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Math Help - Laws of exponents

  1. #1
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    Laws of exponents

    this is the question i am having problems with:

    [(x^3y^-2) / (x^-1y^4)]^-1/2 [x^-1/2y^3/4]^-1

    Sorry if this is unclear but I don't know how to represent it in any other way haha
    this is what i did:

    [ (x^-3/2y^1) /(x^1/2y^-2)] [x^1/2y^-3/4]
    = [x^-2y^3][x^1/2y^-3/4]
    = x^-3/2y^9/4

    The answer in the back is x^-3/2y^15/4
    So, I got the x part right but not the y, i don't see how you would be able to add 3 and -3/4 as one of them is negative so you would evenutally have to subtract.

    is the answer in the back just wrong?
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  2. #2
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    It looks like in your second bracket, that y^(3/4) (You really must use parentheses around exponents!) is in the denominator. If so, then when you put it in the numerator, you have y^(-3/4), and then raised to the (-1) power gets you y^(+3/4). So, you're going to take y^(3)y^(+3/4) = y^(15/4).

    Make sense?
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  3. #3
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    Thanks, yes i do think i understand. not sure why you don't do that to other exponents in the question though like the x^-2 and such..
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  4. #4
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    Quote Originally Posted by tmas View Post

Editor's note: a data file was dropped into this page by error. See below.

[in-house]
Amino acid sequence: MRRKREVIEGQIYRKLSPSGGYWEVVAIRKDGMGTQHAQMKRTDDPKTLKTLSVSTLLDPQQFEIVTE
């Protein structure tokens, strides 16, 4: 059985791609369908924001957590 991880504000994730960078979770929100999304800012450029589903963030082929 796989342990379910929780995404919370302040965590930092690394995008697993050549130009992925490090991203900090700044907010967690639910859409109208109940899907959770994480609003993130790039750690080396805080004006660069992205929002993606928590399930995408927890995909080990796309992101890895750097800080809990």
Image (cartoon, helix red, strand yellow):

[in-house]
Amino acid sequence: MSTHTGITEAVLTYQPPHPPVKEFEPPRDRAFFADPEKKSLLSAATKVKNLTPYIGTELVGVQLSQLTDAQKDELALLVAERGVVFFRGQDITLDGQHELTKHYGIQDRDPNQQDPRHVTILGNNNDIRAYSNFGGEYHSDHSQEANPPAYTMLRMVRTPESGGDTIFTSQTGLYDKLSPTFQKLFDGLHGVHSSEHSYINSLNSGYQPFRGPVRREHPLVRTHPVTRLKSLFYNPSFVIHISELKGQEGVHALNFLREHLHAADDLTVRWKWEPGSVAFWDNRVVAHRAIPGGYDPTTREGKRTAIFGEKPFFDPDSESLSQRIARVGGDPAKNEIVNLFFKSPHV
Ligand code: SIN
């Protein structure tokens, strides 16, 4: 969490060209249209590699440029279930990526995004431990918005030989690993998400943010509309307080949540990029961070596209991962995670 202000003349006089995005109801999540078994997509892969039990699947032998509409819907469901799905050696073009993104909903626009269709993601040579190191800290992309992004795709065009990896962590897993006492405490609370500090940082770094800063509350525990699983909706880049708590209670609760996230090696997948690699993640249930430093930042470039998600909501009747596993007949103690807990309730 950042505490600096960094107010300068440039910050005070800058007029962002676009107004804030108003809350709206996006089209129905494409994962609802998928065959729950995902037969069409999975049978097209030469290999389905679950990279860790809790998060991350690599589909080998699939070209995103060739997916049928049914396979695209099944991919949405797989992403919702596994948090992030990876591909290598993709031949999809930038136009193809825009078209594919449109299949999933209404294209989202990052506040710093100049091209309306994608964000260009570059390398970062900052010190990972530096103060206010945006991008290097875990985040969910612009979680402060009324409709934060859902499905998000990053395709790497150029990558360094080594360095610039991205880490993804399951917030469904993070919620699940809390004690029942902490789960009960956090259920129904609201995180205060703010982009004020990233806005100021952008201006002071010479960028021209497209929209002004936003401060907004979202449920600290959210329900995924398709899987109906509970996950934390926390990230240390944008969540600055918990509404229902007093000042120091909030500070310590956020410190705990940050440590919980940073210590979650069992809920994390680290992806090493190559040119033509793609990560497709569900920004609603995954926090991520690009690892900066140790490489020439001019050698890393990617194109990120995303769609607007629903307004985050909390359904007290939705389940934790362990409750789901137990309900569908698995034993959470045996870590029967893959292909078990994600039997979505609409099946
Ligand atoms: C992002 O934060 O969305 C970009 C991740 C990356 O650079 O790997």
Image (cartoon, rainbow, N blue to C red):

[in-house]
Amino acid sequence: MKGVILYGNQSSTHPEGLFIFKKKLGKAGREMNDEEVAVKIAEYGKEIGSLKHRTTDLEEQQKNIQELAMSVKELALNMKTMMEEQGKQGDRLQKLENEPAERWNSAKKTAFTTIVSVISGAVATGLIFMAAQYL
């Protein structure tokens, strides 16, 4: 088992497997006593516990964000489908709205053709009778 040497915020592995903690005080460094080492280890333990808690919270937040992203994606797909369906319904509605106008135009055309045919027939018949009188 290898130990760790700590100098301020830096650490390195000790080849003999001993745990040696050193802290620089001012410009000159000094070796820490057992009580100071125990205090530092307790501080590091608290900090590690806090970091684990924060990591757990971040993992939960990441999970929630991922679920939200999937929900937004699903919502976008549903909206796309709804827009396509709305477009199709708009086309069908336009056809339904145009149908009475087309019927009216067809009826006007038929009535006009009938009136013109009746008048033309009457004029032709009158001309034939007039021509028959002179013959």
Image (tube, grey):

not sure why you don't do that to other exponents in the question though like the x^-2 and such..
    To what are you referring? You have this:

    \left(\frac{x^{3}y^{-2}}{x^{-1}y^{4}}\right)^{-1/2}\left(\frac{x^{-1/2}}{y^{3/4}}\right)^{-1}=(x^{3}y^{-2}x^{1}y^{-4})^{-1/2}(x^{-1/2}y^{-3/4})^{-1}=(x^{4}y^{-6})^{-1/2}(x^{-1/2}y^{-3/4})^{-1}

    =x^{-2}y^{3}x^{1/2}y^{3/4}...
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  5. #5
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    \frac{}{ }
    Quote Originally Posted by Ackbeet View Post
    To what are you referring? You have this:

    \left(\frac{x^{3}y^{-2}}{x^{-1}y^{4}}\right)^{-1/2}\left(\frac{x^{-1/2}}{y^{3/4}}\right)^{-1}=(x^{3}y^{-2}x^{1}y^{-4})^{-1/2}(x^{-1/2}y^{-3/4})^{-1}=(x^{4}y^{-6})^{-1/2}(x^{-1/2}y^{-3/4})^{-1}

    =x^{-2}y^{3}x^{1/2}y^{3/4}...
    the question that you started with is not similar to the one i started with, in the second bracket the y^3/4 is not in the demonimator but the whole bracket itself is the numerator (aka everything is over 1)

    I tried to do this a different way where while dealing with the exponents in the 2nd bracket i put everything over 1 (since the exponent is -1) therefore making that second bracket [1/ (x^1/2y^-3/4)] i changed the 1/2 power from negative to positive and the 3/4 power from postive to negative after that i just multiplied across with exponents like this:

    [ (x^-3/2y^1) / (x^1/2y^-2) ] TIMES [ 1 / (x^1/2y^-3/4)]

    = (x^-3/2y) / (xy^-11/4)

    = x^-5/2y^15/4

    SO NOW, when i do it this way i get the correct exponent values for the y and incorrect for the x.. but in the step before the x is the correct value.

    Ugh. I really do not understand what I am doing wrong and am about to give up on this question.